I reviewed Felicia Day’s memoir You’re Never Weird on the Internet (Almost)for KQED, including thoughts on GamerGate. READ IT HERE.
I saw this gorgeous garden at a winery. I want my yard to look like that.
I’m regarding 2015 as a difficult gardening year. Sow bugs are devouring the roots of my plants and slowing my yield. I’m not getting a enough green beans or peppers or tomatoes to suit me.
And yet every time I go out to pick, I come back with a basket overflowing with food:
But I’m not happy with my tomatoes this year; I’m really not.
There’s a great metaphor in this story. It’s about the Judean date palm trees, a tree from the ancient world that was once plentiful. It’s even mentioned in the Bible. (“The righteous himself will blossom forth as a palm tree does.” Psalm 92)
The tree has been extinct for thousands of years. Then they discovered some of the tree’s seeds in the 1960s during the excavations of Herod the Great’s palace in Israel. In 2005 they decided to plant some of the seeds. One seed grew into a tree.
That there is a 1,300-year-old plant.
Here’s a few recent articles:
L. Frank Baum was a fascinating person. I had no idea. He was a chicken farmer and a traveling salesman and went around the country performing a melodrama that he wrote himself. And he claimed he was going to start a Wizard of Oz theme park on a nonexistent island off the California coast. My new hero.
I was reading this book to Gideon and realized that it was an allegory for World War II. When I looked into it deeper, I realized that Horton Hears A Who was Dr. Seuss’s atonement for his racist actions against the Japanese during the war.
I gained respect for Jack London while writing this. I was able to confirm that it’s true he was rejected 664 times in the first five years of writing. He had a spindle with a needle on it on which he would impale his rejection letters. Eventually he had a column of rejection slips four feet high. That’s some major grit.
Marcia and I went on a hike and I remembered how much I love manzanita trees.
From far away, manzanitas are all scraggly and ancient and gnarled looking.
They look like they belong in a Van Gogh painting.
Up close, the bark is this weird thin tissue paper that’s red and orange and yellow.
It comes away in flakes. …
And underneath, the wood is green!
Did you catch my most recent article in Mental Floss? It’s 11 Dickensian Facts About ‘Great Expectations’. Did you know Estella may have been based on Charles Dickens’s mistress?
Also, remember the 1998 movie version with Gwyneth Paltrow and Ethan Hawke? It seemed like it was going to be so good, and then it was so bad.
Why doesn’t her shirt have buttons?
Last month, we rented a cabin on a bluff overlooking the California coast. It was a great four days. We played banjo and card games and took walks and roasted hot dogs over an open fire. There was even a fire pit. Here’s some pictures:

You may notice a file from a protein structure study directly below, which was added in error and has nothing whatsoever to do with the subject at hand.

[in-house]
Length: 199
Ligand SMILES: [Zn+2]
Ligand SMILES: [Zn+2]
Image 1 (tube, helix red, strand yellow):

View of the deck.
There was even a fire pit.
Look at that water.
Lots of fishing boats.
More gorgeous water
Flowers and beach and water.
I want to go back there. Perfect place for a writing retreat.
I’ve decided to make updating this blog more of a priority, for now at least. Old-fashioned-bullet-update-go!
* We took a four-day, much-needed vacation in a cabin on the coast. Pictures soon.
* Kyle is writing a book. I am writing a book. I’m surprised Gideon isn’t writing a book.
* I have tons of zucchini coming in from the garden. I froze 14 bags already. I don’t even know what to do. I guess make zucchini relish?
* Next week, I’m buying tickets to go to Amsterdam and Belgium. It will be my first overseas vacation since having a baby.
* I’m almost scared to post links to all the articles I’ve written in the last few months. Stay tuned for a round-up post.
* Did you know that the dresses the women wear in Gustav Klimt paintings really existed? They were designed by a woman called Emilie Flöge.
One thing I kind of learned [about creativity] is that so much of the creative process is just about showing up. There’s some things, some realms of thought and levels of brain waves activity, or whatever, that you’re never going to get to being constantly distracted. And you’re never going to get to unless you’ve been plugging away on something, and it’s hour 7, and you want to quit music. And then something happens. -Annie Clark from St Vincent.
Check it out, Kyle printed a ukelele on his 3d printer.
Yes, it actually works. It’s a pretty cool little instrument. Sometime I’ll take a video of him playing it and put it up. In the meantime, here’s some pictures.
The ukelele printed out.
We added tuning pegs on the side that we bought from the music store.
Kyle stringing the ukelele.